Superhero Psychology – Marvel Capes Mean Complex?

Amy wearing a cape in cosplay
Thor's cape is a status of godhood. For some others, it's a symbol of their delusion. Image: Amy Lora

When thinking of superhero costume designs, my mind always jumps back to the eccentric designer from Pixar’s “The Incredibles,” Edna Mode, and her famous fashion advice for heroes: NO CAPES.

I will admit that when I was younger, I went raiding my dress-up box for my alter ego (don’t laugh, I was seven years old at the time) Eagle Lady’s crime-fighting uniform, always searching for the cape no matter how unnecessary it was.  After all, who didn’t look cool with a red sweater over your shoulders, sleeves tied around your neck as you bolted down the front lawn in a desperate attempt to get off the ground and take flight with your majestic cape lagging and trailing behind?  Never once did I think it could possibly hinder me in my gallant escapades.

Though capes are extremely iconic and indicative of heroism, they can be dangerous, burdensome, or just plain impractical when it comes to protecting the city and fighting enemies. If that’s true, then why are so many of our heroes donning the glorified bed sheets and becoming caped crusaders?

In Marvel’s universe of comics, you may notice that capes are actually surprisingly absent from the diverse range of cat suits, armors, and even casual fashions that decorate these heroes. Could you imagine Iron Man taking to the skies with a cape fluttering behind?  How about the Hulk rocking Harlem while simultaneously rocking a matching green cloak?  It just does not seem to work for most of Marvel’s heroes. In fact, the only costumes with capes belong to just two types of characters – gods and individuals with a god complex. And here you just thought they looked cool fluttering in the wind.

Now, it’s easy to picture the gods of Marvel comics.  The iconic Norse gods Thor and Loki are easily recognized by their capes, as is the goddess Sif, all three characters hailing from the “Journey into Mystery” comic serial.  Two other such characters are mutant Ororo Munroe, Storm of the “X-men” series, and T’Challa, the hero and avenger known as Black Panther. Storm earns her costume cape by being revered as a goddess in the Serengeti, while Black Panther’s cape is a result of his special connections to the Wakandan Panther God.

So what about the rest of Marvel’s cloak-clad characters who can’t claim godhood as explanation for their outfits?

They fall under the category of god complexes. Absent from the DSM (the Diagnostic and Statistical Manual of Mental Disorders), a god complex is not a diagnosable psychological disorder, but it is a pattern of thoughts and behaviors that can be classified as a belief in one’s own grandiose power, superiority, and infallibility.  Even in the face of evidence to the contrary, someone with a god complex will have faith in their own ability and ambition.  Persistent is certainly one word for this type of person.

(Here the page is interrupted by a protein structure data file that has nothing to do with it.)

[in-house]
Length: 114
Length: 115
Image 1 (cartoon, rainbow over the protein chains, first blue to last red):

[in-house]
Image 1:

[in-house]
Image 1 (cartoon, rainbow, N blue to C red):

So who among Marvel’s colorful cast qualifies for a cape in this manner?

Certainly Magneto, who wished for the mutants to dominate the earth and render the human race obsolete, gets one of the biggest, most fluttery capes there is to offer. Joining him in matching fashion is his daughter Wanda “Scarlet Witch” Maximoff, whose hex powers and chaos magic allow her to warp reality to her whim.  Rounding off this article’s list of notables are the good doctors Strange and Doom, with their mastery of sorcery and persistence in attaining power, no matter the cost.

If that’s what it takes to get a stylish cloak on your costume in the Marvel universe, would you take the cape or stick to something more practical and a little less “complex?”

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About Amy L 26 Articles
The fates first smiled on Amy the day she received Pokemon Yellow for her precious pink Gameboy Color, and since then she has been on a journey to be the very best, like no one ever was. Amy has delighted in cartoons and comics and video games of all sorts since a young age. She is currently studying as an English major in sunny California, developing a literary research project on the monstrous feminine in modern works of science fiction.


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